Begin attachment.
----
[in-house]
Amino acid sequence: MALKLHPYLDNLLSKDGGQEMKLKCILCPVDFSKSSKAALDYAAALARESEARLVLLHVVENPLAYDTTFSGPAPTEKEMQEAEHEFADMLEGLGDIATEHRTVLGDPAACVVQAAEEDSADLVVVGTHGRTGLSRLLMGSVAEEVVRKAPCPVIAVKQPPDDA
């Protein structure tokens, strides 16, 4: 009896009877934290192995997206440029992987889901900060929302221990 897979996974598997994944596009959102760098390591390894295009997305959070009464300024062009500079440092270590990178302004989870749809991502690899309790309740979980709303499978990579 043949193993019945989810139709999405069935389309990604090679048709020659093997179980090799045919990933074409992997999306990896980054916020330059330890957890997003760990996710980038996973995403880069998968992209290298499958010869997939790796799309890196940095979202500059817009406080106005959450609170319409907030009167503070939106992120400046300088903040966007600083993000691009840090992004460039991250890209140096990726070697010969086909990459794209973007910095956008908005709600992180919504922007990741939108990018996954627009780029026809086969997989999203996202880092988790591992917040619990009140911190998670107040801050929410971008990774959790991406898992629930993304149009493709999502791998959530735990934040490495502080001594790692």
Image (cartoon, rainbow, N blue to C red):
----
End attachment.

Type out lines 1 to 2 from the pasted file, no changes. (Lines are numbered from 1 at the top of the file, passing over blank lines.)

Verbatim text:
[in-house]
Amino acid sequence: MALKLHPYLDNLLSKDGGQEMKLKCILCPVDFSKSSKAALDYAAALARESEARLVLLHVVENPLAYDTTFSGPAPTEKEMQEAEHEFADMLEGLGDIATEHRTVLGDPAACVVQAAEEDSADLVVVGTHGRTGLSRLLMGSVAEEVVRKAPCPVIAVKQPPDDA